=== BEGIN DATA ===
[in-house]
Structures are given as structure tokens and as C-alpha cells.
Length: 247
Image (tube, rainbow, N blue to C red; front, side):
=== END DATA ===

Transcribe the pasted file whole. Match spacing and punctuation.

[in-house]
Structures are given as structure tokens and as C-alpha cells.
Length: 247
Image (tube, rainbow, N blue to C red; front, side):